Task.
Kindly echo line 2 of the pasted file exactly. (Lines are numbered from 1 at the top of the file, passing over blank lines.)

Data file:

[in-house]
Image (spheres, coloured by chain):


Image (spheres, coloured by chain):